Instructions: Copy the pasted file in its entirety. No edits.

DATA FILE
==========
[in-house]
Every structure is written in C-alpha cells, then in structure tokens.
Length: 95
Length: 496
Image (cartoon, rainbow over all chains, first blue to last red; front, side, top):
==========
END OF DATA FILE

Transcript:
[in-house]
Every structure is written in C-alpha cells, then in structure tokens.
Length: 95
Length: 496
Image (cartoon, rainbow over all chains, first blue to last red; front, side, top):